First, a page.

It really doesn't matter what the law is. The question is whether your attorney can convince 6-12 people that you are absolutely right. There is a good chance that the judge will order mediation ($750 for 1/2 day plus attorney fees). If this doesn't work, then you go to trial. Plan on a $1,000 - $2,000 to file the petition, etc., then $8,000 to $10,000 for the trial. I have 3 attorneys working on 2 different cases, and their fees range from $190/hr for the construction attorney to $250 for the trial lawyer. Then there is your time. I asked 2 questions about the case and it cost me $2,400 for 5 pages of references.

The legal system is a whole different world. Things move ever so slowly, and they have their own set of rules - literally. The legal system is not always just.

With that warning, do the best that you can. You are at an advantage in that you are holding the money. If it goes to court, you may be required to sell the material, and someone on the jury may find sympathy for the builder and you get next to nothing for your time. Any good attorney will be able to exploit the loop holes in a weak contract. And if he wins, you are responsible for court costs and his attorney fees.

From contributor G:
In all states the key elements of a contract are:

1. Binding Agreement: A competent party offering to perform a specific, legal, service (the Offer) for a given price, within a given period of time (Performance), and that offer being understood and accepted by another competent and authorized party (Acceptance/Assent).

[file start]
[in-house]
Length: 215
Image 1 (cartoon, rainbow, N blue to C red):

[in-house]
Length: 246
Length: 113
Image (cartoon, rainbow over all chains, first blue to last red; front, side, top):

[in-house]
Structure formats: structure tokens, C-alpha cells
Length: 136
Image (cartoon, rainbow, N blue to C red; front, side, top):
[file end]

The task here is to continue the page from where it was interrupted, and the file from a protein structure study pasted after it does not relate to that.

2. Consideration: Something of value (usually money) must be given in exchange for the services rendered.

The only other element is that certain contracts require specific form, such as an official form, or must be reduced to writing (can't be verbally agreed upon).

All that being said, you hold the money, and a court is unlikely to make you return it, especially since you've provided work/performance. Secondly, while it is correct that there can be significant other costs and delays in the legal system, one thing that has worked very well for me has been to utilize the Small Claims Courts or Special Civil Part Court system (at least that's what they're called here in NJ).

Small Claims court is up to $3000, and Special Civil is $25,000. The small claims court isn't lawyer driven. You write up the problem, present it to the judge, and he than acts as the lawyer for both sides. Special Civil has more lawyers, but also a fair number of people representing themselves, and most of the cases are contract disputes.

From the original questioner:
I made the decision to hold firm on my pricing, and told him I would be willing to look at details and scope issues that might reduce costs, but that I also felt with the deposit and signed drawings, we have a contract and should consult with an attorney to determine how much money, if any, would be returned.

After first saying he wouldn't be intimidated by that, he changed his tune and is trying to work this out with me. I think he probably consulted his attorney who told him he was in the wrong. If I do move forward with the job, I will be getting payment up front prior to continuing any work.